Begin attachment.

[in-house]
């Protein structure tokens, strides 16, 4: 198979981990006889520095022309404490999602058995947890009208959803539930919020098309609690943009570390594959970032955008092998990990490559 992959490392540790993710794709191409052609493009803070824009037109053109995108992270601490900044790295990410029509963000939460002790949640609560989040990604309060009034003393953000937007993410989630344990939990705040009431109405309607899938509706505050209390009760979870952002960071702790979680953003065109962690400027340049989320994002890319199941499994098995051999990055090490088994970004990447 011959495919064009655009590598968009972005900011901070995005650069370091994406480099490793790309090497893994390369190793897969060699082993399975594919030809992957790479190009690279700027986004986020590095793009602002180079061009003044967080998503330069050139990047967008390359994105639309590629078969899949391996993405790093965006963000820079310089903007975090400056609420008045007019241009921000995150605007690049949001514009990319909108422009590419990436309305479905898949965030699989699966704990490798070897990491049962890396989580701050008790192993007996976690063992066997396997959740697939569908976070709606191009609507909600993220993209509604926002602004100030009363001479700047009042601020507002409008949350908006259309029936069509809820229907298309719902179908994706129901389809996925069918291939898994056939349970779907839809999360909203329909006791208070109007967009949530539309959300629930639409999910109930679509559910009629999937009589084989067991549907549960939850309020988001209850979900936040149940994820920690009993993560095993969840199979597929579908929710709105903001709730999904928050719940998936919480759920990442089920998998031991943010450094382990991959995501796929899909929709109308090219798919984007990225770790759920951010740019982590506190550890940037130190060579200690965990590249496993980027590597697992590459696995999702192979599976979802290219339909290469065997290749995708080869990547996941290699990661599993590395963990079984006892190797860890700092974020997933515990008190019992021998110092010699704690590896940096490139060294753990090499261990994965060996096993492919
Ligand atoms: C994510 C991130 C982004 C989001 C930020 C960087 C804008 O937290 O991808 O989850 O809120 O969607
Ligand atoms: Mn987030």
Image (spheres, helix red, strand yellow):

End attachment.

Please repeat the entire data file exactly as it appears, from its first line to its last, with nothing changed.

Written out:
[in-house]
């Protein structure tokens, strides 16, 4: 198979981990006889520095022309404490999602058995947890009208959803539930919020098309609690943009570390594959970032955008092998990990490559 992959490392540790993710794709191409052609493009803070824009037109053109995108992270601490900044790295990410029509963000939460002790949640609560989040990604309060009034003393953000937007993410989630344990939990705040009431109405309607899938509706505050209390009760979870952002960071702790979680953003065109962690400027340049989320994002890319199941499994098995051999990055090490088994970004990447 011959495919064009655009590598968009972005900011901070995005650069370091994406480099490793790309090497893994390369190793897969060699082993399975594919030809992957790479190009690279700027986004986020590095793009602002180079061009003044967080998503330069050139990047967008390359994105639309590629078969899949391996993405790093965006963000820079310089903007975090400056609420008045007019241009921000995150605007690049949001514009990319909108422009590419990436309305479905898949965030699989699966704990490798070897990491049962890396989580701050008790192993007996976690063992066997396997959740697939569908976070709606191009609507909600993220993209509604926002602004100030009363001479700047009042601020507002409008949350908006259309029936069509809820229907298309719902179908994706129901389809996925069918291939898994056939349970779907839809999360909203329909006791208070109007967009949530539309959300629930639409999910109930679509559910009629999937009589084989067991549907549960939850309020988001209850979900936040149940994820920690009993993560095993969840199979597929579908929710709105903001709730999904928050719940998936919480759920990442089920998998031991943010450094382990991959995501796929899909929709109308090219798919984007990225770790759920951010740019982590506190550890940037130190060579200690965990590249496993980027590597697992590459696995999702192979599976979802290219339909290469065997290749995708080869990547996941290699990661599993590395963990079984006892190797860890700092974020997933515990008190019992021998110092010699704690590896940096490139060294753990090499261990994965060996096993492919
Ligand atoms: C994510 C991130 C982004 C989001 C930020 C960087 C804008 O937290 O991808 O989850 O809120 O969607
Ligand atoms: Mn987030």
Image (spheres, helix red, strand yellow):